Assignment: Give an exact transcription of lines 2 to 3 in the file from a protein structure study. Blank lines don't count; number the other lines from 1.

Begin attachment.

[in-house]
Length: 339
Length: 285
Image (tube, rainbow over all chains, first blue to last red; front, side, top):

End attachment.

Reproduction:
Length: 339
Length: 285